Index to the Suttas of the Saɱyutta Nikāya
PTS: Saɱyutta Nikāya Volume 5, Mahā-Vagga ed. by M. Léon Feer, London: Pali Text Society 1898. The html formatted Pali Text Society edition of the Pali text.
BJT: Saɱyutta Nikāya Volume 5, Mahā-Vagga The Sri Lanka Buddha Jayanti Tripitaka Series Pali text.
The Pali text for individual suttas listed below is adapted from the Sri Lanka Buddha Jayanti Tripitaka Series [BJT], not from the PTS version. Each translation is linked to it's Pali version and to the PTS, Olds and where available to the ATI Bhk. Thanissaro translation, and each of these is in turn linked back to each of the others. Many, but not all have been checked against the Pali Text Society edition, and many have been reformatted to include the original Pali (and/or organizational) phrase and sentence breaks.
PTS: The Great Chapter, translated by F.L. Woodward,
WP: The Great Book, translated by Bhikkhu Bodhi
ATI: The translations of Bhikkhu Thanissaro and others originally located on Access to Insight,
BD: The translations of M. Olds.
VIII. Anuruddha Saɱyutta, V.1
PTS: The Kindred Sayings about Anuruddha, V.261
WP: Connected Discourses with Anuruddha, II.1750
I. Rahogata Vagga, V.294
Maha Moggallāna questions Anuruddha about his practice of the four settings-up of memory and Anuruddha explains. See the discussion: Kāye Kāye-anupassī Viharati — Living Seeing Body Following Upon Body
PTS: In Solitude (a), V.261
WP: Alone, II.1750
Maha Moggallāna questions Anuruddha about his practice of the four settings-up of memory and Anuruddha explains.
PTS: In Solitude (b), V.263
WP: Alone 2, II.1752
Anuruddha explains the practice that has brought him great magic powers, that is making a big thing of the four settings-up of memory.
PTS: Sutanu, V.263
WP: Sutanu, II.1753
Covering suttas 4-6. In the first Sariputta questions Anuruddha about what states should be abandoned by a learner. (The Four Settings-up of memory) In the second Sariputta questions Anuruddha about what states should be abandoned by one who is no longer seeking. (Again, the Four Settings-up of Memory) In the third Sariputta asks Anuruddha about what practice he has undertaken to achieve great magic powers. Anuruddha answers that it is the Four Settings-up of Memory.
Given the fact that at another point Sariputta scolds Anuruddha about his pride of attaining clairvoyant vision of the thousand world system, and here in a similar statement Anuruddha make a similar claim where the higher claim would have been that he had attained the eradication of the asavas, one cannot help but think that this was a lesson being taught Anuruddha. But there is no indication that he understood at this point. In the next sutta, given at a different location, hence also at a different time, and by implication of it's location in the sequence at a later time, he is reported to say that they lead to the eradication of tanha (thirst), which is the goal.
Anuruddha declares that the four settings-up of memory leads to the destruction of thirst, i.e., arahantship.
PTS: The Destruction of Craving, V.266
WP: The Destruction of Craving, II.1755
Venerable Anuruddha compares the difficulty of those who would try to persuade a long-time practitioner of the four settings-up of memory to give up his practice to the difficulty of trying to change the direction of the Ganges from flowing east to flowing west.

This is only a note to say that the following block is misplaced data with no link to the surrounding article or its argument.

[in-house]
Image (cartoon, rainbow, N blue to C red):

PTS: Sal-tree Hut, V.266
WP: The Salala-Tree Hut, II.1756
Anuruddha declares that the four settings-up of memory leads arahantship.
The Venerable Anuruddha explains that it is because he is well established in the four settings-up of memory that when he is afflicted with a severe illness it does not affect his mind.
II. Sahassa Vaggo, V. 303
Covering suttas 11-24. Venerable Anuruddha explains that it is by the cultivation of the four settings up of mind that he has attained great magic powers. He describes these powers in detail. This was originally either one sutta, or the first sutta has had additions tacked onto it, so it has been made into one file, retains the divisions into suttas, but does not expand them out in a way that would make them 'stand alone'. Taken as it is it is a really powerful statement. A first person declaration of having achieved a thorough mastery of magic powers and how they were attained (through mastery of the four satipatthanas). This is also another way Arahantship is declared. This is in complete accord with the reputation Anuruddha has throughout the suttas. Compare this with AN 10.21 and 22
PTS: Thousandfold, V.269
WP: A thousand Aeons, II.1758
PTS: Psychic power a, V.269
WP: Spiritual Power, II.1758
PTS: Psychic power b, V.269
WP: The Divine Ear, II.1759
PTS: Thought-reading, V.269
WP: Encompassing the Mind, II.1759
PTS: Causal occasion a, V.270
WP: The Possible, II.1759
PTS: Causal occasion b, V.270
WP: The Undertaking of Kamma, II.1759
PTS: Practice, V.270
WP: Leading Everywhere, II.1759
PTS: The world, V.270
WP: Diverse Elements, II.1759
PTS: Of divers characters, V.270
WP: Diverse Dispositions, II.1760
PTS: Faculty, V.270
WP: Degrees of the Faculties, II.1760
PTS: Trance, V.271
WP: The Jhanas, Etc, II.1760
PTS: Knowledge a, V.271
WP: Past Abodes, II.1760
PTS: Knowledge b, V.271
WP: The Divine Eye, II.1760
PTS: Knowledge c, V.271
WP: The Destruction of the Taints, II.1761